I often run into people who have been so conditioned into believing that prohibition is the only option, they cannot even conceive of (or listen to) any alternative. They’re the ones who believe legalization is surrender.
I was thinking about them this afternoon, when I went to visit my friend George in the local hospital. He was over in the new Theodoric wing of the hospital. The nurse had finished attaching a syringe and tube to his arm and was in the process of draining him. I asked him what was wrong.
“Oh, it’s just the flu,” he said, “but the doctor said this is supposed to help me. So far, it hasn’t, but he said that just means they haven’t taken enough blood yet.”
After I spent some time with George (and he blacked out), I ducked into the room next door where a young woman was being covered with leeches.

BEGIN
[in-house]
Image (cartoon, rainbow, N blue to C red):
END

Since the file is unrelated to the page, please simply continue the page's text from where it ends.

“What’s wrong with you?” I asked.
“Nothing,” she replied, “except for these leeches. I was doing fine but they told me I had to come here for treatment to purge me of ‘bad humors.’ I think they just didn’t like the way I thought.”
I wandered out into the hall and found a couple of doctors discussing bloodletting techniques. I confronted them.
“Why are you doing this? Bloodletting is archaic and destructive!”
“Oh yeah?” replied one. “What would you have us do? Ignore the sick? Let them die? We took oaths to cure people and nothing you say will stop us from continuing our duty.”
“But you’re not actually curing anybody,” I said. “You’re just making them weak. Can you actually point to success? You need to stop bloodletting and turn to actual proven alternatives.”
“It’s true that we’ve had limited success,” replied the second doctor, “but that’s no reason to give up. And I’m offended by your notion that we should just let these people die.”
And then they called security.
So I did the only thing I could â€” a hospital jail-break with George and leech girl. At least I saved a couple.